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Improve Your Credit Score With Secured Credit Cards

If you're trying to establish a credit history, or your credit rating is too low, secured credit cards are a good way to built or improve your credit score. A bad credit rating, or no credit history at all, makes it difficult to qualify for a standard unsecured credit card.

A secured credit card is really no different than any other card in the way it works. The difference with a secured card is that you need to give the credit card company some type of collateral or a deposit that they can issue you credit against. If you were to default on the outstanding balance on the card, they would be able to recover their money from the collateral you have given them.

Secured cards are similar to debit cards or prepaid credit cards in some ways, but rather than removing your purchases from the balance as soon as you make them, a secured credit card is still considered a debt that you have to repay monthly. The collateral or deposit that you give the credit card company does not get touched unless you were to default on your payments.

In some cases, you may be able to negotiate a credit limit that is slightly higher than the deposit you have with the credit card company. This gives you a chance to establish a solid credit history, provided you make your payments on time.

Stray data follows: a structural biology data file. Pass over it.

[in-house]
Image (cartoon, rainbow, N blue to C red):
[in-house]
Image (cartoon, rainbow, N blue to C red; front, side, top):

Secured credit cards are a good options in any of the following situations:

  • You have a poor credit history
  • You have no credit history
  • You have declared bankruptcy in the past
  • You are separated from your spouse who has a high debt load
  • You've recently lost your job or you have just started a new one

There are several disadvantages that need to be considered as well. First, you need to secure the card with a depost of some sort that is usually equal to or even more than your credit limit. So you could just use that money to pay for anything you buy on credit, but using it to secure a credit card will help you to improve or establish your credit rating.

Second, you usually are not paid interest on the security deposit so you also lose its earning power while it is tied up with the credit card.

Lastly, secured cards generally have a higher interest rate than unsecured, because they tend to be made available to higher risk borrowers. This means if you carry a balance on your card from month to month, you'll wind up paying more interest than you would otherwise.

Secured cards should be seen as a temporary measure that can be used to improve a person's credit score. Using them properly will improve your credit quite quickly, at which point a standard unsecured card will once again be an option.

Read the next article comparing the differences between a secured and unsecured loan for debt consolidation.



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